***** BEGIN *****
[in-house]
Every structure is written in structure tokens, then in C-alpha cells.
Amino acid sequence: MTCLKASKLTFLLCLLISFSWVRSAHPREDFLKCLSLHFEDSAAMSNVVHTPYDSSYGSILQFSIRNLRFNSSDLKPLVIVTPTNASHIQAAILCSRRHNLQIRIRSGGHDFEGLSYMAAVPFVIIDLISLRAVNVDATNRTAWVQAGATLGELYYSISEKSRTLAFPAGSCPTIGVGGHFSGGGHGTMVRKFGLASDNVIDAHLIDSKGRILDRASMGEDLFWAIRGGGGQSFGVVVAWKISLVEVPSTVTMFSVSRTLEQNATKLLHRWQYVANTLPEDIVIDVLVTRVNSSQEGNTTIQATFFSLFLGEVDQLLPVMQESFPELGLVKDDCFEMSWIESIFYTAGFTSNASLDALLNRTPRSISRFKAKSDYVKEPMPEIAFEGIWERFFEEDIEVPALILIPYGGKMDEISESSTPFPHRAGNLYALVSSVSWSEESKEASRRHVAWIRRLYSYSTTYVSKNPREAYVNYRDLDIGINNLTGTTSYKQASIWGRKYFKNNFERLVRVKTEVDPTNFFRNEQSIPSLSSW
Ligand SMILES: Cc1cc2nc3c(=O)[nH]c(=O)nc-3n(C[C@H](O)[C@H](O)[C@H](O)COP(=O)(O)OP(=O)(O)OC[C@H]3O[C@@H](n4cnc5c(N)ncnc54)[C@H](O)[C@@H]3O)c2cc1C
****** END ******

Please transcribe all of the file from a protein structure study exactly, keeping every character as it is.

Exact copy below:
[in-house]
Every structure is written in structure tokens, then in C-alpha cells.
Amino acid sequence: MTCLKASKLTFLLCLLISFSWVRSAHPREDFLKCLSLHFEDSAAMSNVVHTPYDSSYGSILQFSIRNLRFNSSDLKPLVIVTPTNASHIQAAILCSRRHNLQIRIRSGGHDFEGLSYMAAVPFVIIDLISLRAVNVDATNRTAWVQAGATLGELYYSISEKSRTLAFPAGSCPTIGVGGHFSGGGHGTMVRKFGLASDNVIDAHLIDSKGRILDRASMGEDLFWAIRGGGGQSFGVVVAWKISLVEVPSTVTMFSVSRTLEQNATKLLHRWQYVANTLPEDIVIDVLVTRVNSSQEGNTTIQATFFSLFLGEVDQLLPVMQESFPELGLVKDDCFEMSWIESIFYTAGFTSNASLDALLNRTPRSISRFKAKSDYVKEPMPEIAFEGIWERFFEEDIEVPALILIPYGGKMDEISESSTPFPHRAGNLYALVSSVSWSEESKEASRRHVAWIRRLYSYSTTYVSKNPREAYVNYRDLDIGINNLTGTTSYKQASIWGRKYFKNNFERLVRVKTEVDPTNFFRNEQSIPSLSSW
Ligand SMILES: Cc1cc2nc3c(=O)[nH]c(=O)nc-3n(C[C@H](O)[C@H](O)[C@H](O)COP(=O)(O)OP(=O)(O)OC[C@H]3O[C@@H](n4cnc5c(N)ncnc54)[C@H](O)[C@@H]3O)c2cc1C